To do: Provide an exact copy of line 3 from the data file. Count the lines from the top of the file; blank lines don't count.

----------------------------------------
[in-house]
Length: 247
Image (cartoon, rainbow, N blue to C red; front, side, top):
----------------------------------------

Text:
Image (cartoon, rainbow, N blue to C red; front, side, top):